Dear community, over the last couple of months we have noted an increase in scams that target our community members. We want to ensure that everyone has the knowledge and tools necessary to combat attempts to steal their ZEN.
It’s easy to catch a scammer if you know what to look for. Here are some easy guidelines to tell if it’s a scam and what to do if you’re faced with one.
How to Spot a Scammer
The person or account is:
- Asking for private keys or funds
- Contacting you directly to download an “update”
- Sending you links that are spelled incorrectly
- They use the name “Horizen” but the name is spelled incorrectly. I.e. Horizén, Horizon, ZenCash Oficial, Horizen Officiall, etc.
Tips for Avoiding Scams
- We will never ask for funds or private keys. Never share private keys with anybody.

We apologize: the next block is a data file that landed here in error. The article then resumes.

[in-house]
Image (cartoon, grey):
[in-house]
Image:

- Question it if you don’t see it on the official Horizen Twitter, Facebook, Instagram, or LinkedIn
- Horizen team members should have their tag and the team they work on in their name on Discord
- Check if the account that is sharing updates is on the team in the sidebar on Discord. Team members have orange or purple names.
- Add the Horizen GitHub to your favorites
- Check that the Windows/Mac release is code signed with a certificate belonging to “Zen Blockchain Foundation”
- When in doubt, the easiest and safest place to ask for helps is our Helpdesk
What to Do if You See a Scammer
Report the scam account to the team immediately.
Our #Moderation channel on Discord is a great way to report scammers. Our team will work quickly to remove these accounts and warn others in the community.
Follow Horizen Official Accounts
The best way to avoid scammers is to follow our official accounts. Scammers often use fake accounts to trick people. Pay close attention to the username of the account to make sure it’s the Horizen official account. You can find as at:
- @horizenglobal on Twitter
- Horizen Zencash on Facebook
- @horizenglobal on Instagram
- ZenCashOfficial on GitHub
or follow our official news channels